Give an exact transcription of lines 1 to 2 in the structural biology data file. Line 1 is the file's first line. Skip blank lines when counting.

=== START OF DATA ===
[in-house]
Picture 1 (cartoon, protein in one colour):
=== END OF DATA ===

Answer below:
[in-house]
Picture 1 (cartoon, protein in one colour):